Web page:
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Old 02-15-2019, 03:37 PM   #1
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2-Part Polyurethane Foam by the Gallon

Okay, here's what:

I'm exploring insulation options, and I love the idea of closed cell expanding polyurethane, but I'm reeling from sticker shock. The kit Home depot sells says it covers 600 square feet at 1 inch thick, which equates to 50 cubic feet (unless my math is faulty), and costs $650. For enough to insulate the walls and ceiling of a 40' bus, that comes out to about an arm and a leg.

So I got to thinking...

I've had some pretty nice experiences with the 2-part foam you buy by the gallon; it's a heck of a lot easier to work with than Great Stuff, and it tends to be pretty competitively priced. It spreads, sculpts, and carves rather nicely, and can be applied in layers with a good mechanical and (I assume) chemical bond.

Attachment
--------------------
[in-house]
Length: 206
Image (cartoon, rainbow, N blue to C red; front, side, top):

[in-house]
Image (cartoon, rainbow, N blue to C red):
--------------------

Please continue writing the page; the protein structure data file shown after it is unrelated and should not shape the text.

So, might it not be a good option to trowel the 2-part foam on (I expect I would use Bondo spreaders or homemade equivalents), repeat as necessary, and trim? As nearly as I can tell, it's the same stuff as the 2-part spray, just much cheaper and (granted, this is a hypothesis based in assumption and wishful thinking) less likely to waste excess material?

Here's a link to one manufaturer of this product that sells, among other things, a 40 cubic foot kit for $252 if you get 5 or more -

Urethane Foam , Expanding Marine Polyurethane Foam

- which brings up the question, does anybody want to go in on a big order if it turns out this stuff is a good answer?

Regardless, at their base price of $264 for that kit, it sounds like a much cheaper way to insulate with closed cell expanding foam.